Expectation setting and retrospective voting

Neil Malhotra*, Yotam Margalit

*Corresponding author for this work

Research output: Contribution to journalArticlepeer-review


That citizens engage in retrospective voting is widely established in the literature. But to what extent is retrospection affected by the expectations that leaders set in advance? We develop a theoretical framework of how expectation setting affects voters' retrospective evaluations of incumbent performance. To test the theory, we conduct a series of between-subjects experiments in which we independently manipulate both expectation setting and the eventual outcome. In domains where politicians have practical authority, or direct influence over outcomes, setting high expectations incurs a cost in public support if the projected outcome is not attained. The same is true in domains where politicians have theoretical authority, or limited influence, but where expectation setting sends a signal about the leader's judgment. However, in domains where politicians have neither practical nor theoretical authority, setting high expectations is unambiguously beneficial, implying that optimism is valued by voters as a personality disposition.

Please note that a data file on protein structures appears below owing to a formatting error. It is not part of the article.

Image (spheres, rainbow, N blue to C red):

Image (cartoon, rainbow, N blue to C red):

Original languageEnglish
Pages (from-to)1000-1016
Number of pages17
JournalJournal of Politics
Issue number4
StatePublished - 21 Jul 2014


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